March 5, 2012

Cloud Computing to Create Millions of Jobs Worldwide

Tiffany Trader

A new IDC study predicts that cloud computing is on track to create approximately 14 million jobs globally from 2011 to 2015. According to the Microsoft-sponsored report, the cloud-based IT trend could generate an additional $1.1 trillion a year in business revenue.

cloud-related job creation
The premise for all this positive job growth? By providing a cost-effective way to manage IT needs, cloud computing frees up resources for key business drivers, such as innovation and job creation.

“Enterprises that embrace cloud computing reduce the amount of IT time and budget devoted to legacy systems and routine upgrades, which then increases the time and budget they have for more innovative projects,” explains John Gantz, senior vice president at IDC and author of the white paper.

To put it another way: “When IT innovation happens, business innovation is reached, which then supports job creation,” says Gantz.

IDC analysts examined spending trends for public and private IT cloud services in more than 40 countries and then used this data to extrapolate job creation figures.

“The cloud is going to have a huge impact on job creation,” notes Susan Hauser, Microsoft corporate vice president of the Worldwide Enterprise and Partner Group. “It’s a transformative technology that will drive down costs, spur innovation, and open up new jobs and skillsets across the globe.”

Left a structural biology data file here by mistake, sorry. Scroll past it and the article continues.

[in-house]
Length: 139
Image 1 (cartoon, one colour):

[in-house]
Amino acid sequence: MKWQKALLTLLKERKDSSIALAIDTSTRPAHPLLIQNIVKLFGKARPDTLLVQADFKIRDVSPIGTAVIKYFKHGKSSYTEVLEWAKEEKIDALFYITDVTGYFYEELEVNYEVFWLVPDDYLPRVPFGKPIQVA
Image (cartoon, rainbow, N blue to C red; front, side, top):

Much of the early growth in cloud-related IT has taken place in the US, which was responsible for 62 percent of worldwide spending in public IT cloud services in 2011. As the cloud space matures, other countries will experience similar growth spurts, especially so-called emerging economies. In the 2011-2015 timeframe, China and India are expected to account for about half of all new cloud-related jobs, according to IDC.

The report forecasts that cloud-related jobs will accrue to small businesses (with 500 or fewer employees) and large business businesses (with over 500 employees) equally. While small to medium-sized businesses have traditionally been slower to adopt computer technology, they are ahead of the curve when it comes to engaging cloud services. More than one-third of the coming jobs will come from three industries: communications and media (2.4 million), banking (1.4 million), and discrete manufacturing (1.3 million). The banking and finance sectors will likely be slower to adopt public cloud solutions due to security mandates, but that does not rule out a private or hybrid approach.

Research like this suggests that cloud-based IT may be entering a new stage in its evolution. The co-founder and CEO of Vorsite, a Microsoft Tier 3 Cloud Champion Member, Aaron Nettles says he’s planning to double the size of his workforce this year. He reports: “Customers are no longer asking, ‘Is the cloud right?’ but ‘When can we get it deployed?'”

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